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Friday, June 11, 2010

Constant Change

I'm back home again, after three weeks of well-earned vacation during which I was able to get a good brain-rest. Now I'm trying to catch up on sleep and blogging (not simultaneously!) while listening to a Women of Faith Worship CD that I won. When I've listened to it about 50 times, I'll write a proper blog about it. For tonight, I'm just scribbling, getting back into the groove of writing regularly again, and hoping I won't have any spam comments. Somehow my blog seems to have found its way onto some list of Asian spammers and I'm not too happy about it. Thankfully, I can regulate comments to some extent, but it is frustrating to keep on rejecting comments!

The older I become, the more I realize that nothing is certain except for change. Learning to live with an understanding that can embrace this knowledge is perhaps the biggest challenge of my life. I understand there has to be change, it is part of the process of what we call life, but does it have to be as constant as it has been lately? I'm not exactly sure.

My grandparents are retired and live in a little apartment where they've lived for the past 16 years. They are growing older and some of the things they used to be able to do, they can't do anymore. My Opa used to bike to an apple farm to buy organic apples. Once I rode with him and could barely make it to the farm where I was relieved for a few moments rest before I had to climb back on that bike with a weary seat and jelly legs and attempt the return ride home. My Opa is 58 years older than me and this happened several years ago when I was in my mid-twenties! Now, if he is going for a long walk, he has to take his sturdy walker along to guide his unsteady footsteps over uneven cobbled ground. His body isn't as strong as it used to be. My Oma still has a quick step, but she too now uses a walker to go shopping and help carry the vegetables she buys at the farmer's market on Thursdays.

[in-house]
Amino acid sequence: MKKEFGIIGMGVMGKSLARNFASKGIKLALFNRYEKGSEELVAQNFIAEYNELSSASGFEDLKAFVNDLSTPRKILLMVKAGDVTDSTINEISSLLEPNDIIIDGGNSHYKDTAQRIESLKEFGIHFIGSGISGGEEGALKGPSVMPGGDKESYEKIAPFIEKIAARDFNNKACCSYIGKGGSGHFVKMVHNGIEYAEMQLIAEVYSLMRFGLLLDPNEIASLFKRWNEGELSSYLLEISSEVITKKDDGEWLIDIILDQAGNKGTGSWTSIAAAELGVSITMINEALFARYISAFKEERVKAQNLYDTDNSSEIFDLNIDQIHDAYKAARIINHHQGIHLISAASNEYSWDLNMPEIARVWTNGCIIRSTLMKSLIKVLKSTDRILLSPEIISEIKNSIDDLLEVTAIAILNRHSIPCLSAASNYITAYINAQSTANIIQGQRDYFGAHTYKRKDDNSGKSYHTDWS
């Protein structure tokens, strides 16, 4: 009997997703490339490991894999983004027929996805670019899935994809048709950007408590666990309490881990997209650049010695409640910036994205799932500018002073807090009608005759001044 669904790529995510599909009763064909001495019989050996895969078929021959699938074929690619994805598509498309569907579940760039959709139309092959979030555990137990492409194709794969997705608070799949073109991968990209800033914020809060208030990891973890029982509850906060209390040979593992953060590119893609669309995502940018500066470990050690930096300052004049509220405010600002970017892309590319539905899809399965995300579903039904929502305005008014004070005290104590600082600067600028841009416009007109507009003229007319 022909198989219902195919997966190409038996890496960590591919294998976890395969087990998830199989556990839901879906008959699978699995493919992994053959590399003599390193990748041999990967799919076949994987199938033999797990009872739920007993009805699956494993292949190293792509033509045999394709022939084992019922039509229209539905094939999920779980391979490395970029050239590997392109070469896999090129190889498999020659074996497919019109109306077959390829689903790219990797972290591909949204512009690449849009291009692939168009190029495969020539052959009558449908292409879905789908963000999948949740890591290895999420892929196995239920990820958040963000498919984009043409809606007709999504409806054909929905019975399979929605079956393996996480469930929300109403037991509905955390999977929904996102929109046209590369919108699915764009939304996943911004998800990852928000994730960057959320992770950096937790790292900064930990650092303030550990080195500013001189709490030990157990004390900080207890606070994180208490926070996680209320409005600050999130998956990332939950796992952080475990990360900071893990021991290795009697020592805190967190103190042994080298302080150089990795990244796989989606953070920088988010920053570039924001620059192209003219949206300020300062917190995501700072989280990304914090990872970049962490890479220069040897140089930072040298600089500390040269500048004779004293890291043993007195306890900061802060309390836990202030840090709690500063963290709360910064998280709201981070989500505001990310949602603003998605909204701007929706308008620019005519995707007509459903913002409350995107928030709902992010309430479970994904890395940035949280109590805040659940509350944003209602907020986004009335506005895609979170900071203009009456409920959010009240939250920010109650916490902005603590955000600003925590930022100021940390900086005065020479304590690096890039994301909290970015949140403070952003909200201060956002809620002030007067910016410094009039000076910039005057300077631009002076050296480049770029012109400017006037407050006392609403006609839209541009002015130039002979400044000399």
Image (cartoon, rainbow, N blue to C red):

Life has changed for my grandparents over time, shrinking their world and increasing the time it takes for them to do simple things like prepare a meal or do household tasks. They are more careful now and are grateful for each day they have together. Yet in the midst of the change, which came gradually and did not throw itself like a hurricane across their path like change has shouted in my face, they have continued to enjoy the constancy of life. They still live in the same apartment, use the same placemats at the table, shop in the same health food store, greet the same neighbours, go to the same church, eat the same homemade whole-wheat bread, and check their mailbox once a day. Their son and his family visit every few weeks and their daughter calls every Sunday to chat.

It is this constancy that comforts my soul whenever I come to visit. Unfortunately fate did not smile kindly on me and I grew up without grandparents around to enrich my life. It was one of the sacrifices required of missionaries who got furlough every two years—a summer spent with cousins, aunts and uncles, and grandparents—a summer spent getting to know strangers all over again. I always envied those who had extended family living nearby, maybe grandparents just down the street or an aunt and uncle and cousins in the next town over. We had to make do with family who were not related to us genetically but God always blessed us with very special substitute family.